Nov 5, 2020 - Politics & Policy

New GOP campaign: Argue election stolen, Biden illegitimate

Photo of a crowd of protesters demanding entry to a ballot-counting room in Detroit.

Election observers demand access to counting room in Detroit. Photo: Salwan Georges/The Washington Post via Getty Images

President Trump and his allies are setting the stage to claim a Joe Biden presidency would be illegitimate, baselessly questioning everything from how ballots are counted to whether "fake" polls suggesting blue waves that never came are tantamount to voter suppression.

Why it matters: Arguing that he was wrongfully removed from office could give Trump a face-saving way to explain a possible election loss. It also could distract from a Biden presidency in transition.

  • Trump said today in a statement from his campaign: "If you count the legal votes, I easily win the election! If you count the illegal and late votes, they can steal the election from us."

Driving the news: The hashtag #stopthesteal is going viral among fringe and more mainstream conservatives, says Bryce Webster-Jacobsen of GroupSense, a cyber threat intelligence firm.

  • Groups on Facebook are starting to organize real-world protests.
  • Inside QAnon, people are spreading a conspiracy theory that there are watermarks on legitimate ballots and that illegitimate non-watermarked ballots are being injected in states that are turning blue.
Screenshot of Newt Gingrich tweet, which claims Democrats are stealing Wisconsin, Michigan and Pennsylvania.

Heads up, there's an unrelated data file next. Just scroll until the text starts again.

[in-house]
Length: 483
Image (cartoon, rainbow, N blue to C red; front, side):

Via Twitter

What they're saying ... Don Jr. tweeted: "You didn't see all of these games, statistical impossibilities and magic ballots in 2016 because the Democrats figured they had it in the bag and wouldn't have to break out all the stops."

  • Trump campaign manager Bill Stepien said on a campaign call: "The Democrats are lying, cheating and stealing. It’s happening all over this country."
  • Rudy Giuliani, Eric Trump and other surrogates have been holding news conferences and appearing on Fox News shows to discuss plans for litigation.

Reality check: Ben Ginsberg, a Republican election lawyer who has been critical of Trump's tactics, told Axios: "This just smacks of a little bit of desperation."

The bottom line: Close elections are common, and there’s no proof of widespread irregularities. But as Trump has shown over and over, he can quickly get 40% of the public to believe him, and elected GOP officials to fall in line.

Go deeper